Book Collecting Clubs and Associations

- by Bruce E. McKinney


The Northern Ohio Bibliophilic Society

Tom Whitehead of the Philobiblon Club in Philadelphia speaks of declining membership as a settled fact. We have perhaps 150 members where once we had 200. Larry Rakow, of NOBS, the Northern Ohio Bibliophilic Society speaks of 300 members where a decade ago it was 400. They aren't the exceptions, they are simply representative. One person, in an unguarded moment spoke of their club's average age having increased by 14 years over the past 15 years. In most clubs membership is down and Lois Shumaker, a long time member of the Sacramento Book Collector's Club explains it this way. "The number of collectors is declining, the use of books is declining, the community is aging." Valerie Hotchkiss of the 44 Society in Urbana, Illinois sees a struggle but not a loss. "We work to stay relevant." George Beelen of the Ottawa Book Collectors [of Canada] speaks of small meetings and expresses concern for the club in the decade ahead. Hayward Blake of the Caxton Club is more upbeat but speaks of the loss of their home at the Newberry. "It was a budget issue and we are now moving our meetings."

Larry Rakow of NOBS, the Northern Ohio Bibliophilic Society speaks of a membership that has declined but is stable. We meet at different locations each month. We sponsor a book fair. We are figuring it out.

The membership ages but their leadership, across the country, is determined that their clubs survive and in time prosper.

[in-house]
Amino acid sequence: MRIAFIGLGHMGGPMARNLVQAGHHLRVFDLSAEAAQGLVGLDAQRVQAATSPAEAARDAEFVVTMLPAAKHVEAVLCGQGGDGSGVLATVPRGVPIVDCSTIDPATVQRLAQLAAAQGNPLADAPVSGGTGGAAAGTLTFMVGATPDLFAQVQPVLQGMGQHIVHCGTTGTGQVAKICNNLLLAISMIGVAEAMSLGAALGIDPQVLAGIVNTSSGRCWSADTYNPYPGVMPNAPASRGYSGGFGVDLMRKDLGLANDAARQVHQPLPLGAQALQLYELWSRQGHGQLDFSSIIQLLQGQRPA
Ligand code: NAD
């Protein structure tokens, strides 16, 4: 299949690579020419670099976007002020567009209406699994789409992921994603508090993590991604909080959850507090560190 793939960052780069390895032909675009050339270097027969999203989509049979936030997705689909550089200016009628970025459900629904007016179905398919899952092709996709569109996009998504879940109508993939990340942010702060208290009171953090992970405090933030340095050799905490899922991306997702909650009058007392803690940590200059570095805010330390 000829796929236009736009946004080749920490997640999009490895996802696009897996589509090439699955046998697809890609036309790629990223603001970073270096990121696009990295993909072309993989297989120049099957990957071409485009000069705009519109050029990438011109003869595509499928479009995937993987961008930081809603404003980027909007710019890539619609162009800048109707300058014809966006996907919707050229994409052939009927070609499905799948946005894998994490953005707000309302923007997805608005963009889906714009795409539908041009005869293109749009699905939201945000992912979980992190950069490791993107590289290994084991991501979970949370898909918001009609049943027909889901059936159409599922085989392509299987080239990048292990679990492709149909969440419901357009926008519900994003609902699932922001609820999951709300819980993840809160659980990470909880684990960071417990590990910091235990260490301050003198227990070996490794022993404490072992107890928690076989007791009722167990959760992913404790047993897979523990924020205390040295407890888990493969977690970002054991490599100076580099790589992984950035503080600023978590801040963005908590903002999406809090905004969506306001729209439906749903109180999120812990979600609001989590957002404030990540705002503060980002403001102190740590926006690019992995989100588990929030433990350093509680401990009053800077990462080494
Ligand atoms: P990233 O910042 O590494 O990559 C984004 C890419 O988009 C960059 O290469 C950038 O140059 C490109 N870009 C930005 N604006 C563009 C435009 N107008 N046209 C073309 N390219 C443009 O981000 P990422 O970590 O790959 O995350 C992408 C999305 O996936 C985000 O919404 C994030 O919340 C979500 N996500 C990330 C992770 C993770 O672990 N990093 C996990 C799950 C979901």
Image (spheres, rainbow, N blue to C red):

An element in the decline is the increasing specialization that libraries and collectors are able to bring to their subjects. As focus intensifies the more general approach that clubs instinctively support seems less relevant. Only a generation ago collecting was conducted in broad brush form simply because there weren't enough data points for those hoping/wishing to more intensively focus. Most older club members grew accustomed to this and have been slow to adapt to new approaches. Today the emerging standard of collecting, regardless of age, is more intensive, the collector often "an" if not "the" expert in their subject within a few years of taking up the challenge. Such collecting is so different it can be difficult to relate to club participation.

The challenge then for clubs is to embrace the new methodologies and in periodic discussions speak with the wisdom of experience blended with the knowledge of how to collect in the ways that were until a few years ago beyond the reach and even the comprehension of most collectors.

In other words, the challenge for the clubs is to turn the enormous rate of recent change into an opportunity to explain it. The next generation, if they find aid in understanding the new tools, will participate. In that way the new collector will become part of the club tradition and in time shape it to their next generation.

To aid in this process AE is organizing a series of links and pages so that club locations, meeting schedules and topics of lectures and discussions will be easily accessible. Clubs that encourage new and outside participation will have links for the interested to contact them and in many cases to attend.